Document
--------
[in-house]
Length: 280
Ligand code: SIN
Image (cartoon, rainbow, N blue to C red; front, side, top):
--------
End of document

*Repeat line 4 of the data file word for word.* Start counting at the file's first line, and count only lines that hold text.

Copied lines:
Image (cartoon, rainbow, N blue to C red; front, side, top):